Cover Image: True Places

True Places

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This book was archived before I was able to download it. I appreciate the opportunity to review though!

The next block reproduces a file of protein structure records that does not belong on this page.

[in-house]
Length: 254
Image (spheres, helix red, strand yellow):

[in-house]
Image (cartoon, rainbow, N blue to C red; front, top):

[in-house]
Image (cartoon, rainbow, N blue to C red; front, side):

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A girl emerges from the woods, starved, ill, and alone…and collapses. I have read books that were described this way, perhaps it was a boy, but this one was a bit different. True Places opens with Iris losing her mother in an accident, leaving her alone in the woods. Fast forward a few years and Iris stumbles out of the woods not only starving, but with an injury that must be taken care of. Suzanne Blakemore is rushing through her overscheduled life and comes upon Iris on the Blue Ridge Parkway. She takes her to the hospital and when it is apparent that she is going into foster care until relatives can be found Suzanne and her husband offer to take her into their home. But, can Iris adapt to this materialistic home with two teenagers with issues when she is used to independence, solitude and a minimalistic life.